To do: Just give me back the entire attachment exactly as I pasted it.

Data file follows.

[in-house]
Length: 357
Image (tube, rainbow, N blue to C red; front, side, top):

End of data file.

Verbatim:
[in-house]
Length: 357
Image (tube, rainbow, N blue to C red; front, side, top):